Zakiya Bostic was fully engaged in the story in front of her, reading aloud to her tutor about a house falling from the sky and landing on a wicked witch.
The classic scene from “The Wizard of Oz” was a prime teaching tool for the 10-year-old student at Goodyear Elementary School being put to use thanks to her tutor, Kaitlyn Riggins, a senior education student at College of Coastal Georgia.
Riggins and Bostic meet up during the last hour of school every Thursday as part of an ongoing joint educational workshop between the elementary school and the college.
“The house spins and lands on her? Wow,” Bostic said, entertained by the time the two shared reading the story.
Bostic, like many students in her age range, is a sufficient reader. But she lags behind in fluency and pronunciation skills.
Those elements of literacy are the primary reasons why the cohort of education students from the college come together every Thursday in the Goodyear cafeteria to meet with selected students.
“See here, when the sentence gets exciting, we use a higher pitch in our voice to show that something big is happening,” Riggins said, coaching Bostic through the reading session.
Surrounding the reading duo were some 30 other tutors from the college, each working one-on-one with a fifth-grader from Goodyear. The weekly tutoring sessions have been arranged by Ron Reigner, a professor in the School of Education and Teacher Preparation. He is holder of the Community-Supported Professorship in Early Childhood Reading and Language Arts.
All the tutors with the fluency and literacy enhancement sessions are double majoring in elementary education and special education.
“It is one thing to learn about teaching in the classroom, but having this time set aside every week to get to know one student, to get to know their needs, that’s a whole other thing,” Reigner said. “The education students will have skills they need to really understand how to address special needs in the classroom.”
The 14-week tutoring sessions not only prepare teachers for in-the-field action, but they also double as a method of teaching the fifth-grade students in the program more about depths of literacy they will need to know once they reach higher grade levels, Reigner said.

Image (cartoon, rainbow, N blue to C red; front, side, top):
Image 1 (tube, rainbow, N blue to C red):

“We are working with students to teach them about pronouncing words, about really understanding the text they are reading,” he said. “It’s like the difference between reading in Spanish and understanding what you are reading in Spanish. I can read Spanish words all day long, but if I have no understanding of what those words mean and can’t use my voice to emphasize words at the right time, then I am not really understanding the text. We want kids to be able to read, yes. But we really need them to read and understand what they are reading.”
If Bostic and Riggins are an indication of the expected outcome, the program is working. Since the duo began working together at the start of the school year, the pair has built a strong relationship, with Bostic expressing her growing love of reading.
“It’s my favorite part of the week, when we get to sit together and read and then talk about what we read,” Bostic said.
For Riggins, the experience is just as special. She has been able to connect with Bostic on both personal and professional levels, coming to understand the student’s reading preferences.
“She loves the ‘Goosebumps’ series, and she really loves the whole idea of a classic story,” she said.
She said she feels ready to get in the classroom.
“Every week, we get a little further along with our reading, pronunciation and fluency, so every week is a step in the right direction,” Riggins said. “I feel lucky to have had this experience.”
Spotlight on Schools appears Wednesdays. Contact Anna Hall at email@example.com at 265-8320, ext. 322 to suggest a topic for a column.